The text of the dhyaana shlokas and phala shruti (conclusory verses glorifying the Bhagavad Gita, to be read at the end of each session of recitation) can be found in Swami Sivananda’s English translation with the Roman text, available here. With this, one can easily establish a regular Bhagavad Gita chanting practice. For aid in proper pronunciation, many audio and video recordings are available online.
Readings on the Bhagavad Gita
Nowadays, there is a profundity of texts on the Gita. For initial reading and study, the English translations by Swami Swarupananda of the Ramakrishna Mission and by Swami Sivananda of the Divine Life Society are good. They are eminently readable and contain simple, clear translations and a bare minimum of commentary.
To take it to a deeper level, it is helpful to read the traditional commentaries from the different darshanas of Hinduism. The Bhagavad Gita is one of the three texts of the prasthana traya, the three authoritative primary texts of Vedanta, with the Brahma Sutras and the Upanishads as the other two of the trio. Each of the major schools of Hindu thought has commentaries on each of these texts which expounds on that particular darshana.
While the Shankara bhashya is the most famously known (and there is an excellent translation of it by Swami Gambhirananda), it is not necessarily suitable for everyone and may not be the easiest commentary on the Bhagavad Gita to start with.
The other two commentaries which are generally recommended are the Sri Ramanuja Gita Bhashya and Sri Madhusudana Sarasvati’s Gudhartha Deepika. The Sri Ramanuja bhashya is from the standpoint of Vishistadvaita Vedanta (qualified nondualism).
The Gudhartha Deepika is from the standpoint of Advaita but is deeply integrated with Bhakti, making it particularly relevant for a wider audience. It also goes into great detail on each and every word of the Gita, including simple words like ‘ca’ (and) and ‘tu’ (but). Of course, there are many more important commentaries, but these are just the ones I’m personally most familiar with and have benefited from in my readings.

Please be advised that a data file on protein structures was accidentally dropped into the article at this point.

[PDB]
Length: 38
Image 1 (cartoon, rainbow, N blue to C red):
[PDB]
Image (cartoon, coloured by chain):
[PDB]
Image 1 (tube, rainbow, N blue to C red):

There are a few reasons why it is useful to go deep into the traditional commentaries. First, it provides ontological clarity. Each of the traditional darshanas of Hindu philosophy has its own internally consistent worldview and metaphysical framework.
These commentaries put the gloss of a particular darshana (e.g., Advaita, Vishishtadvaita and Dvaita) on the Gita, which provides the sadhaka an integrated perspective and approach to understanding the Gita.
This deepens and strengthens one’s own understanding and shraddha in one’s sampradaya or tradition. It is not that one darshana is correct and the other is wrong – different darshanas are suitable for different people. Also, these commentaries are not just dry philosophy.
They are enlivened by the blessings of the acharyas and the tradition and lineage which they represent.
In steeping oneself in the study of these texts with sincerity and shraddha, the blessings of the tradition will also come and act as a tremendous aid in the quest for realization.
Finally, through the study of different commentaries, one develops an appreciation of the rich nuance and depth of the Bhagavad Gita – how it can be beautifully understood and interpreted in different ways and how each such take can lead to its own insights.
For example, in the Gudhartha Deepika, Sri Madhusudana Sarasvati divides the Bhagavad Gita into three sections of six chapters each as follows: the first six chapters deal with Karma yoga (the means to the final goal) and the last six chapters deal with that goal (jnana).
The middle six chapters deal with bhakti and Iswara anugraha, which facilitates the transition from karma to jnana. He also frames the three sections in terms of the mahavakya Tat Tvam Asi (Thou art That) – the first six chapters clarify the ‘Thou’ (Tvam); the second set of chapters address the ‘That’ (Tat) and the third set of chapters reveals the meaning behind the full statement, ‘Tat Tvam Asi’ from the perspective of jnana.
The Gitartha-sangraha of Sri Yamunacharya, which provided the base and framework for the Sri Ramanuja bhashya on the Gita, has a different categorization of the eighteen chapters. The first six are considered to be about the performance of nishkamya (desireless) karma and jnana for the realization of the self.
The middle six chapters deal with Bhakti, which is considered to be brought about by karma and jnana and is for the attainment of the knowledge of Bhagavan as He is. The final six chapters supplement and complete the two preceding sections.
The difference in emphasis and interpretation reflect the differing darshanas from which both approached the Gita. In reading both with an open mind, we pick up different insights and nuance into the ocean of wisdom that is represented by the Bhagavad Gita.
The more we dedicate ourselves to the Gita through the practices of sadhana and adhyaayana, the more such gems we will discover for ourselves.